Group G Under the Microscope: Germany are Top of the Class

‘Never underestimate the Germans’ : A phrase commonly used in the run-up to World Cups which has grown from Germany’s remarkable consistency in reaching the late stages of major tournaments, often walking away with top honours, as they have done in 1954, 1974, and 1990.

Germany may be the best team in Group G – they completed qualifying undefeated with 36 goals from ten games – but they don’t have the best player. Portugal are often tagged as a ‘one man team’ due to their reliance on Cristiano Ronaldo, nevertheless they are still favourites to progress with Germany in a group also featuring Ghana and the United States. What does our data analysis tell us?

The Germany forward Marco Reus celebrates scoring his second goal against the Republic of Ireland

In a squad with only one out-and-out striker – record scorer Miroslav Klose – Germany will rely heavily on their midfield weaponry in a 4-2-3-1 formation. The pair of Bastian Schweinsteiger and Mesut Osil looks to be key – Schweinsteiger delivers an average 69.9 passes per game, over 25 more than any opposition player in Group G. Ozil is the top pass receiver in the group, with 79.3 per game and he is also one of four players to average over ten dribbles per game, with nearly half (48%) threatening the opposition.

Breaking the Germans’ stranglehold on possession looks to be a torrid task for any team in the tournament. During qualifying they never averaged less than a formidable 62% possession in any game scenario (winning, drawing, losing), and enjoyed more of the ball in any time period of the match.

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Captain Phillip Lahm is accepted to have been the best right-back in the world over the last decade, but has been used in a midfield role this season at his club Bayern Munich. He is more likely to be played in defence for Germany, from where he is still an unbelievably dynamic presence: Lahm delivers more passes per games (61.7), receives more passes per game (69.1), is involved in more effective attacks (14.8), and attempts to create more chances (4.6 – joint most with Portugal’s João Pereira) than any Group G defender.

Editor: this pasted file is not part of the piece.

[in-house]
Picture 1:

Ghana have been viewed as the most likely African side to end the continent’s wait for World Cup glory, having reached the quarter-finals in 2010. They will look to livewire striker Asamoah Gyan – with 39 international goals from 77 games – to provide a goal threat, from crosses and long balls over the top. Ghana have the highest long ball percentage when building attacks of any Group G side and of the teams’ top scorers Gyan has the highest header percentage (23%) from his attempts on goal.

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Portugal’s reliance on Cristiano Ronaldo is evident throughout their data, and is most clearly shown in their results. Ronaldo’s last match for his country was a 5-1 win over Cameroon in which he scored two, in the next match, without him, they drew 0-0 against Greece.

So which other Portuguese players will stand up and be counted in Brazil? João Moutinho the Monaco playmaker – top pass deliverer (43.7) and receiver (46.4) – will keep things ticking over in midfield. Nani is the most frequent (10.3 per game) and effective (50%) dribbler and Helder Postiga will aim to supplement Ronaldo as the 2nd highest goal scorer (8) and shot taker (4.5 per game) behind the Real Madrid forward.

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The United States’ best showing on football’s biggest stage goes all the way back to a 3rd place finish at the 1st World Cup in 1930. That achievement looks unlikely to be matched anytime soon, but Jurgen Klinsmann’s men do have enough ability to cause an upset or two.

Influential forward Landon Donovan was a surprise exclusion from the US squad picked by Klinsmann. In his absence they will rely heavily on the attacking outlet of ex-Tottenham Hotspur man Clint Dempsey to instigate attacks from midfield. Dempsey has the highest shot average per game of any US player (3.4) and the highest number of attempts per game to create chances of any US midfielder (8.4).

Jermaine Jones of Schalke has proven himself in one of Europe’s toughest leagues, but his athleticism in midfield may disguise a lack of comfort with the ball. He has a group-low of 33 successfully delivered passes per game for any midfielder that played in over 10 qualifying games, he also hands advantage to the opposition by giving the ball away in a dangerous area at least once (1.1) per match.

Aside from the uncompromising Germans, who are likely to suck the life out of teams with their mastery of the ball, Group G’s teams are far from perfect. While anything less than 1st place for Germany would be a major shock, who takes 2nd spot is certainly not predictable.

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